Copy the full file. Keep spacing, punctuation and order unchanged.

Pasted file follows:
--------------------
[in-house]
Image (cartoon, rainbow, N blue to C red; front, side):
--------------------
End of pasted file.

[in-house]
Image (cartoon, rainbow, N blue to C red; front, side):